Fairy Armies: A Medical Explanation? January 5, 2017

    Author: Beach Combing | in : Contemporary, Modern
    Fairy Armies: A Medical Explanation?

    We have literally hundreds of British and Irish fairy sightings from the nineteenth and twentieth centuries and it is striking how often fairies are seen in battle garb: the fairy armies. Yes, there are important folklore traditions about fairies fighting each other: the hosts of Ulster against the host of Connaught, the host of Ireland […]

    In Defence of Fakelore January 4, 2017

    Author: Beach Combing | in : Actualite, Contemporary, Modern
    In Defence of Fakelore

    ***dedicated to RJ*** Fakelore – fake folklore – is a term which we owe to Richard Dorson, who first employed the word in print in 1950. Beach recently followed suit in an article and was surprised at the howl of rage from several readers. It seems that fakelore is off-limits in decent society: whoops! Here is Francisco […]

    Priest as Cunning Man December 15, 2016

    Author: Beach Combing | in : Modern
    Priest as Cunning Man

    This is an interesting case from 1867 recorded in a local newspaper. Readers might need to be reminded that Britain was an overwhelmingly Protestant country at this date; that the Protestant majority despised Catholicism and that Lancashire, in the North-West of England was one of the places where English Catholicism had survived best, albeit as […]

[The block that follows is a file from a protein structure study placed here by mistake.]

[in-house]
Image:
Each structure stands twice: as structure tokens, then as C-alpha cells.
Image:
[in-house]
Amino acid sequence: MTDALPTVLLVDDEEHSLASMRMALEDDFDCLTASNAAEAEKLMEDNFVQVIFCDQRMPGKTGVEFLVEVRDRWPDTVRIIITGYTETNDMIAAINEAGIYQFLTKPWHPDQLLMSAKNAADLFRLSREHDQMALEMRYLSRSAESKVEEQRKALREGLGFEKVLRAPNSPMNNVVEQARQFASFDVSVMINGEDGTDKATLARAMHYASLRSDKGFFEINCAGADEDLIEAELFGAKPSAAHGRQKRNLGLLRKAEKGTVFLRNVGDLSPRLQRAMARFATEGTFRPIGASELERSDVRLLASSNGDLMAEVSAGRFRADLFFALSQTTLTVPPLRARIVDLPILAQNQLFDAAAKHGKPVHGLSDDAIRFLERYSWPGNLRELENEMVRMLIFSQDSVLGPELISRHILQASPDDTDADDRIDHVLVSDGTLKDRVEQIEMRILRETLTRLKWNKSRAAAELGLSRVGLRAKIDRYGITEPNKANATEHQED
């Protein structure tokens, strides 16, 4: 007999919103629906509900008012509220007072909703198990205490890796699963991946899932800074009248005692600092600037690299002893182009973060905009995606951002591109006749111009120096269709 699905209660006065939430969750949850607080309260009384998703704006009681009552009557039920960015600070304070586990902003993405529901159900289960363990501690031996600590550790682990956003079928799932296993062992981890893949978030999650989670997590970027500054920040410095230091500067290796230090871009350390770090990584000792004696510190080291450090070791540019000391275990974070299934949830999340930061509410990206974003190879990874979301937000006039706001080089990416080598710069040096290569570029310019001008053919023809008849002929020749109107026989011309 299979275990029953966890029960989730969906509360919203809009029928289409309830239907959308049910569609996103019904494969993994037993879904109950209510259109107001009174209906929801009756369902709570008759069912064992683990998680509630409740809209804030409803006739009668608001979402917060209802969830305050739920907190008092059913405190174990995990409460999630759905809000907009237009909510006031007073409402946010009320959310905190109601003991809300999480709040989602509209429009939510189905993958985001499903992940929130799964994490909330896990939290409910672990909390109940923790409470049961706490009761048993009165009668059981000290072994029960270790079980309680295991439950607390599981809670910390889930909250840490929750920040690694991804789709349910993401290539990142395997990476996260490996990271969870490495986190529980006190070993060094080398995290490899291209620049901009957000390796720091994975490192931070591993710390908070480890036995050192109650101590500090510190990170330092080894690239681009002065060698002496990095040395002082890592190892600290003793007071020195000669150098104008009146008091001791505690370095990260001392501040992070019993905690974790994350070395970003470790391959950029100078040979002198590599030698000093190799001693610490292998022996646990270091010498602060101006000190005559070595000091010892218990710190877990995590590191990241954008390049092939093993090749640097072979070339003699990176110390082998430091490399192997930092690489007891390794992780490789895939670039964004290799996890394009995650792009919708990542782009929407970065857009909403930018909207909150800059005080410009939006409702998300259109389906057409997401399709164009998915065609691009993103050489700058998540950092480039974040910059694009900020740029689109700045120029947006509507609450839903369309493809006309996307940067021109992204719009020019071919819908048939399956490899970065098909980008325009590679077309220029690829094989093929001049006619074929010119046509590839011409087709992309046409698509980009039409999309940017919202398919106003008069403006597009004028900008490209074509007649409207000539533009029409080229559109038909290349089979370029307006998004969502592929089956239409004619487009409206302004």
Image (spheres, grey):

Misruled by the Planets and Unfound by Bread December 7, 2016

    Author: Beach Combing | in : Modern
    Misruled by the Planets and Unfound by Bread

    This is the kind of tragic little story that is worth absorbing, because it shows how certain superstitions survived deep into the nineteenth century in the UK and the strange mélange of learned with popular superstition. Let us start with Sarah Evelyn Walker, 24 and a governess, daughter of a farmer from Everdon (Northamptonshire) the […]

    Beware the Shutterkin! December 6, 2016

    Author: Beach Combing | in : Modern
    Beware the Shutterkin!

    Beach has previously given examples of bosom serpents, the idea that animals, particularly snakes can live within the human body. But consider the following freaky description. What is this thing? The quotation comes from the Athenian Oracle (II, 380) where reader’s questions were answered. Whence proceeds the Shutterkin? Physicians have imputed this Shutterkin (which resembles […]

    Murder Will Out: Unusual Bleeding Corpses December 4, 2016

    Author: Beach Combing | in : Modern
    Murder Will Out: Unusual Bleeding Corpses

    This passage comes from one of Beach’s recent favourites (for which he must thank Mike G), the Athenian Mercury. The AM was a late seventeenth-century journal that has been described as the first advice column in history. Readers would write in questions and the editors, a cabal of level-headed Londoners, would then do their best to […]

    The Ghost in a Tree November 26, 2016

    Author: Beach Combing | in : Modern
    The Ghost in a Tree

    This little account appeared in Wilkinson and Harland, Lancashire Folk-lore (1867), 164. But they were quoting a story that had appeared in a newspaper in 1856. Beachcombing has been unable to trace the original, but honestly he didn’t try that hard. Will it be credited that thousands of people have, during the past week, crowded […]